They stayed up for a while but it was fairly obvious to me that they were a little ‘worse for wear’ and it came as no surprise when they went to bed which gave me the opportunity I’d been waiting for to commandeer John’s iPad and camera!


Selfie. Good looking guy, aren’t I!

The next morning I was up bright and early waiting for them to get up. I mean I know from my time at their house that John gets up early but I think someone must have slipped some sleeping tablets in his drink because he didn’t get up until 08.30 hours.

I was ready for some more kissing and stroking from Rose but I had to wait until they’d eaten breakfast. It was worth the wait though! And then it was time for some games in the garden.


“Stay there Mum, I want to be close to you“.


Not as big as their garden but I like it.

I’m going to have to ‘sign off’ now before he (John that is) sees that I’ve got his iPad. So until the next time …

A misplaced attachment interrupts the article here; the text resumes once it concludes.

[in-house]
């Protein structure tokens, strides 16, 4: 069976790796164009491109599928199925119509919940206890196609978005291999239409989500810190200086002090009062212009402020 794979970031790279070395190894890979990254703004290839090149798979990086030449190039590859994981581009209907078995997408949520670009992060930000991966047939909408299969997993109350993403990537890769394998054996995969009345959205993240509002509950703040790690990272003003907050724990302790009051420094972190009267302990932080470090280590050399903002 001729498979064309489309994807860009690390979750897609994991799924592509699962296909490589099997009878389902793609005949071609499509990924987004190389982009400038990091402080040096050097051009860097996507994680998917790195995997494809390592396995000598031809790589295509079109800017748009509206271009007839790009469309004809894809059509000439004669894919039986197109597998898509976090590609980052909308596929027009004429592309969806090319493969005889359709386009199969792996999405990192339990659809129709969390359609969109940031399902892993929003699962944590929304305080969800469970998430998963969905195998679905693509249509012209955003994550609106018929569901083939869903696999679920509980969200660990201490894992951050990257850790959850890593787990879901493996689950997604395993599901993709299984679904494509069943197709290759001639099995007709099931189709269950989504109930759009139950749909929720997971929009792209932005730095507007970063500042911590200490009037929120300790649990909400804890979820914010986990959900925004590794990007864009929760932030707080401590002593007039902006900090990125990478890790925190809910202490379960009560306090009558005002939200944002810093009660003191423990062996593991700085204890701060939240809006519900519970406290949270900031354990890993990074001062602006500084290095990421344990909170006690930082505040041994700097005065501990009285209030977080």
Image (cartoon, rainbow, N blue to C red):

Rose and I got the 15.30 flight back to San Pedro and on landing went straight to Captain Shark’s Boatyard to check on the adjustments they had made for the Bimini.


Looking good!

We hadn’t been there very long when the guy from Giovanni’s Plastic Signs turned up to fit the name on our boat.


Rose posing with the name.





It’s on!


Proud owners of Gunner.

The headline for today’s edition is based on the single released in 1990 by Maxi Priest which reached number one in the US Billboard Hot 100 and number seven in the UK Singles Chart.

Come back tomorrow for the next thrilling instalment!

“Lay It Down” in San Pedro, Ambergris Caye, Belize.

In the previous edition I mentioned that I was diligently (OK, maybe not diligently but I am gradually ‘ticking’ them off) working my way through my current ‘to do’ list.

Yesterday I felt like I was really going to start cracking it when I set off from home with my mini list. And my instincts subsequently proved to be correct.

Before I left home though some more of Lloyd’s guys turned up at the gate in the back garden with some more sand to complete the land filling job.


Approaching our back gate.